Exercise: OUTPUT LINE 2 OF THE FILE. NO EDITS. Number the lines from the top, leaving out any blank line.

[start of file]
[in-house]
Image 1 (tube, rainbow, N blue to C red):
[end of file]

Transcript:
Image 1 (tube, rainbow, N blue to C red):